In order that huge industries may be built up and employment secured for hundreds of thousands of men, large bodies of capital must be gathered together. This is a work for financiers. Go down into Wall Street, in New York; La Salle Street, in Chicago; State Street, in Boston, and look over the financiers there. A considerable number of them are fat men. Because thinkers and workers cannot appreciate financial value, many of them complain loudly because the fat man sits in an easy chair and reaps the profits from their efforts. They restlessly agitate for an economic system which will yield them all the profits from their ideas and labor. They want to eliminate the capitalist—to condemn the fat man to a choice between scholarship or working as they work and starvation. They know human aptitudes so vaguely that they want to turn the corpulent into farm hands or philosophers and the great mass of lean and bony into financial rulers.
There is a prevalent notion among the unthinking that capital takes about four-fifths of the products of labor’s hands and keeps it. A committee of the American Civic Federation, after three years of careful investigation in industries employing an aggregate of ten million workers, found that this idea is based upon the assumption that capital gets and keeps all the gross income from production except what is paid to labor. It leaves out of account the cost of raw materials, the upkeep of buildings and machinery, and miscellaneous expenses. When these are subtracted from gross income, the committee found, labor receives two-thirds of the remainder in wages and salaries, capital one-third for interest, upkeep of capital, and profit.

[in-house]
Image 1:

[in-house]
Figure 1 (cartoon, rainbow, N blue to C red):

With some exceptions, neither the deep thinker nor the hard physical worker is capable of handling finances. They are lacking in financial acumen, due, no doubt, to the fact that the thinker is interested chiefly in the object of his thought, the worker chiefly in the exercise of his powerful muscles. Neither of them is sufficiently eager for the good things of life to have a true and unerring sense of financial values. The lean man is nervous. He is inclined to be irritable; he probably lacks patience. Therefore, he is not well qualified to judge impartially. The active, energetic, restless man is not contented to sit quietly for hours at a time and listen to the troubles of other people. He must get away, be out of doors, have something to do to exercise those splendid muscles of his. Therefore, it is left to the fat man to sit upon the bench, to listen to tiresome details of the woe of those who have had trouble with one another. Because he is neither nervous nor irritable; because his mind is at rest; because he is well fed and well clothed and has no need to be anxious, he can take time to be impartial and to judge righteous judgment between his fellowmen. And so you will find fat men on the bench, in politics, in the halls of legislature, on the police force, and in other places where they have an opportunity to use their judicial ability.